Neglect: is defined as the failure of a parent or guardian(s) to provide for the necessary sustenance, education or medical needs of a child (this can be due to refusal to provide,faults, habits or abandonment on the part of the parent or guardian).

Neglect includes,but is not limited to:

  • Inadequate housing (conditions so dangerous that there is a treat of injury or health hazard if there is no agency intervention). No heat in cold weather,
  • Supervision based on the impact on children due to being left alone/unsupervised.
  • Medical Neglect (parent’s refusing treatment which places a child at risk; attempting to remove child against medical advice; failing to take a child for treatment of a diagnosed condition placing a child at risk; and failing to have a mental condition treated – if that mental condition is a threat to the child’s life)
  • Educational neglect (Parent’s refusal or inability to send children to school. If child is over the age of 13, this is considered truancy unless there is active refusal on the part of the parent).
  • Inadequate clothing or food (parent’s failing to provide clothing that is weather appropriate or food within the limits of the parent’s resources). Inadequate nutrition with identifiable physical results; failure to thrive; inoperable plumbing without access to operable plumbing.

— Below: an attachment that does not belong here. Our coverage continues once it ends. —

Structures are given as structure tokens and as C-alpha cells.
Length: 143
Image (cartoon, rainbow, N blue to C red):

• Emotional Neglect (chronic or ongoing failure by parents to provide child with the support and affection necessary for their development, i.e. little or no interest in the child’s activities or problems, treating the child coldly and/or withhold affection –this is mainly investigated in the cases of infants or very young children)
  • Drug/alcohol abuse on the part of the parent/guardian which places the child at risk: examples of this would include the mother or the infant testing positive for substance abuse, or the infant exhibiting physical evidence of withdrawal from drugs, the infant being diagnosed as FAS (fetal alcohol syndrome) or FAE (fetal alcohol effect).Typically for older children, drug/alcohol abuse has to show failure of the parent in being able to provide for the basic needs of the child.
  • Failure to provide for appropriate hygiene of child, resulting in a medical problem.
  • ‰ Head lice which is continuous and untreated. Parent’s continuing to treat the child and the child being cleared to return to school is not considered neglect.
Neglect can be difficult because one can not bring their own personal values to determine when a situation become neglectful. Investigation will be opened when there is concern that parents or custodians are not meeting minimum standards, not optimum standards.
As an example, a family does not have running water, but has access. This would not be a neglectful situation. Parents also have the right to not give their child medication as long as the issue is not life threatening. Parents can choose not to give their child medication for ADHD, but if it is insulin for a diabetic child, not giving that medication would be life threatening and would then be considered a report of neglect to be
investigated.